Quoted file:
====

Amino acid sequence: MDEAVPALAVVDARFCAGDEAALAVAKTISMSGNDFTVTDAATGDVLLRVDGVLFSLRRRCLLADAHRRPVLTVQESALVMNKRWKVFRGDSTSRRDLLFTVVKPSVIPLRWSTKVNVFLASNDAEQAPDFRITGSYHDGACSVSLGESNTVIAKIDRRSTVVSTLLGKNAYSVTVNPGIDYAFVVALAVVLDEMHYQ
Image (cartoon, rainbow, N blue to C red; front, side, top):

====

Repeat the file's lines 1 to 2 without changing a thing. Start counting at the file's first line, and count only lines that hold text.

Amino acid sequence: MDEAVPALAVVDARFCAGDEAALAVAKTISMSGNDFTVTDAATGDVLLRVDGVLFSLRRRCLLADAHRRPVLTVQESALVMNKRWKVFRGDSTSRRDLLFTVVKPSVIPLRWSTKVNVFLASNDAEQAPDFRITGSYHDGACSVSLGESNTVIAKIDRRSTVVSTLLGKNAYSVTVNPGIDYAFVVALAVVLDEMHYQ
Image (cartoon, rainbow, N blue to C red; front, side, top):